With so much emphasis being placed on improving our fitness these days, more people are taking an interest in activity, or adventure type holidays. Trekking is one of those areas attracting a great deal of interest from young and old alike.
Trekking the Wadi Rum
Trekking through the Wadi Rum Desert does require at least moderate fitness. That said, for anyone who spends a few weekends in the UK, trekking the Lake District, or the moors on a regular basis, it shouldn’t prove a problem.
It’s not hard slogging, who wants that in a desert? You will be walking around five hours a day, and covering about three miles. Remember though, daytime temperatures can reach 30 degrees centigrade, so a decent sun hat, plenty of sun block, and adequate drinking water will be required.
The First Day
Flying into Amman, you will be met at the airport by your tour representative, and escorted to the bus for your journey to the hotel. There, you will meet up with others who will be joining your trekking group.
An early up around 0700, and on the bus for a 3.5 hour drive at 0830. With a comfort stop on the Desert Highway, eventually your coach drops off the road and you will descend into the Wadi Rum reserve. The view is like something you’ve never seen before. Everything is a terracotta colour. The desert floor and large rock formations seem more suited to a lunar landscape.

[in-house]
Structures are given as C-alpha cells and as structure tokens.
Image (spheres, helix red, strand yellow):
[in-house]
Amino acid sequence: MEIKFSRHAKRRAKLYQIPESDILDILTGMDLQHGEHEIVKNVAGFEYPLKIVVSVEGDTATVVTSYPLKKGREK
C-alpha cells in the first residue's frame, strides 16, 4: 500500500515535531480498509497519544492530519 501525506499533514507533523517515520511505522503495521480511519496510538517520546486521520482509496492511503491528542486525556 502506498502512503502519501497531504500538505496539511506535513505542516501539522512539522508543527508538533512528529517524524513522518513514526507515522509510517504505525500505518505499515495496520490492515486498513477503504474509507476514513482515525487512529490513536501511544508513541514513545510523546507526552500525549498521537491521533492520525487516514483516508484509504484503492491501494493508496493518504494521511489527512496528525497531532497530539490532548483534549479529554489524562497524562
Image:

With entry tickets sorted, a further short drive and you will arrive at a Bedouin village where you meet your crew and guides, and break for lunch. Eating in a large decorated hall Bedouin style, will begin to inject a feeling of excitement and apprehension of what’s to come.
After lunch a couple of hours of exploration are organised, before climbing into the waiting trucks, for the final leg to your first overnight stay in the desert. With tents already erected, a supper of soup, vegetables, chicken and salad will be served under the stars.
The Daily Routine
After an early breakfast the real trekking begins. Sites such as Jebel Burdah will be reached after a couple of hours walking. Climb some not too difficult, rockwork, if you want to cross the Burdah Bridge, before returning back to camp for lunch. After lunch, another couple of hours trekking before the trucks meet you for the drive to your next overnight stop.
The City of Petra
Each day will continue in a similar vein, working your way across the desert, until eventually arriving at the stunning UNESCO World Heritage site of the city of Petra. Suddenly, having spent a week with a small group, you are surrounded by hundreds of other tourists. The Treasury is one of the first places you’ll see, and its size and splendour is mind blowing.
Visit the amphitheatre, and the High Place of Sacrifice (if you can do the 500 steps), while you explore the city. But you must, if your itinerary allows, experience the city of Petra by night. Lit only by candles placed every metre or so, the atmosphere and tranquillity of the occasion, is something most of us rarely experience.